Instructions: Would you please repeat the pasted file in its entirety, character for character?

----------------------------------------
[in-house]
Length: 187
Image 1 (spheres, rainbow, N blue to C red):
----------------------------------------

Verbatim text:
[in-house]
Length: 187
Image 1 (spheres, rainbow, N blue to C red):